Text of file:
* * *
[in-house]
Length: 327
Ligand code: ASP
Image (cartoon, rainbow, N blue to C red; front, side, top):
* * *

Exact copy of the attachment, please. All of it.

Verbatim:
[in-house]
Length: 327
Ligand code: ASP
Image (cartoon, rainbow, N blue to C red; front, side, top):